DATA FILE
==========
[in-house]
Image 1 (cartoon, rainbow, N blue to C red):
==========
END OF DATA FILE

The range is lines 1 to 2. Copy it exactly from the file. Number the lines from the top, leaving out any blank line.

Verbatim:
[in-house]
Image 1 (cartoon, rainbow, N blue to C red):